A men's behaviour change program will be set up in Albury in the latest hand out of cash targeting domestic violence in the wake of the COVID-19 pandemic.
North East Men's Behaviour Change is one of close to 100 organisations and groups to share in $9 million COVID-19 Domestic and Family Violence Funding - Tranche 2 Grant program funding and will set up the Albury-based service.
Member for Albury Justin Clancy said funding by the Federal Government and allocated by the NSW Government will also help to employ a domestic family violence trauma counsellor case manager at the Women's Centre for Health and Wellbeing on the border.
"I have been seeking government support for our domestic family violence programs here in Albury and beyond and was pleased to hold meetings last week in Albury with the Attorney General and Minister for Prevention of Domestic Violence Mark Speakman to provide him with information about the local situation and local needs," he said.
"In particular I have been stressing to the minister the need for domestic family violence programs working with men who are seeking help to deal with their behaviour.
"Domestic violence rates continue to shock our community, and our frontline workers are facing increased demand and additional pressures due to the pandemic.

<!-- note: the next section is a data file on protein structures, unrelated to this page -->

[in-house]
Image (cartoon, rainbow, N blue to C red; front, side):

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"This funding will help protect women and children as we work together to eradicate domestic and family violence from our communities.
"I also would like to acknowledge the advocacy and work of the Border Family Violence Network and our frontline workers for everything they do to support some of the most vulnerable members of our community."
Murray River Detective Chief Inspector Mick Stoltenberg said any program that can be introduced to support the Albury community to address domestic violence is a positive step.
"Unfortunately there are a lot of victims of domestic violence out there who have been unable to tap into the support agencies to help them break the cycle," he said.
"On the other side is the male perpetrators who commit these offences and have no support, it may well be through their upbringing, or things that they were exposed to, which has caused them to commit DV.
"By being able to obtain support can only help them improve their behaviour and in turn make their potential victims safer."
If you or someone you know is impacted by sexual assault, domestic or family violence, call 1800RESPECT on 1800 737 732 or visit 1800RESPECT.org.au